THE HISTORY OF THE CLAN MACRAE. 3
In a genealogy of the Mackenzies contained in
The Black Book of Clanranald, we find it stated
that Gilleoin of the Aird, from whom the old Earls
Gillanders of Ross and the Mackenzies of Kintail are
traced, was the son of Macrath (McRrath). 1 Supposing
the genealogy to be correct, this Macrath would have
lived not earlier than the tenth century. By that
time Christianity was fairly established in the High-
lands of Scotland, and as the name Gilleoin means
the servant of St John, it is not at all unlikely that
Macrath also may have been so named from some
family connection with the early Church in the
The name Macrae (McRaa) occurs also in The Dean
of Lismore's Book under circumstances which might
well have entitled the bearer of it to be called, if
not a son of grace, at all events a son of luck. 3
In those times there were no family or hereditary
surnames in this country. Family surnames ap-
pear in England about the twelfth century, but it
was not until much later that they became common
in the Highlands of Scotland. For instance, the sur-
name Mackenzie, which is a comparatively old one,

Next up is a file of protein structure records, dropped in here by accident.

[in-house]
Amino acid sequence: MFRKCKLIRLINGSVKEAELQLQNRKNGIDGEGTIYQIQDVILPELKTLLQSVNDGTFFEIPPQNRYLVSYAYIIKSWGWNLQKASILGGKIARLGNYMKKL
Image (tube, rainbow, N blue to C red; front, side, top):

arose in the early part of the fourteenth century.
The use of Macrae as a surname is probably of an
earlier date than the surname Mackenzie, and that
l Reliquiae Celticae, Vol. II., page 300.
2 In "a Gaelic MS. of 1450, containing genealogies of several Highland
families, and published with an English translation in The Transactions of the
Iona Club, an ancestor of the Macleans is also mentioued a« Gilleoin, son of
Macrath (Gilleain uic Icrait). This helps to confirm the tradition mentioned
below, that the Macraes, Mackenzies, and Macleans were of the same ancestry,
but it is not easy to make anything satisfactory out of those old genealogies.
3 Appendix B,
4 THE HISTORY OF THE CLAN MACRAE.
it grew in the first instance out of a personal name
is evident from the fact that in Gaelic the Macraes
are always spoken of as " Clann Mhicrath," that is
the " descendants of Macrath."
So far as at present known, the name Macrae is
first mentioned as a surname in the year 1386, in an
agreement made, at Inverness, between the Bishop
of Moray and Alexander Stewart, Earl of Buchan,
better known as the Wolf of Badenoch, with regard
to some land in Rothiemurclms, in Inverness-shire,
which was formerly occupied by a certain Cristinus
M'Crath (Christopher Macrae), who was then dead. 1
From that date onwards the name is frequently met
with as a surname in various parts of Scotland, not
only in the Highlands, but also in Ayrshire and in
the south of Perthshire.
Tradition relates that the Macraes came originally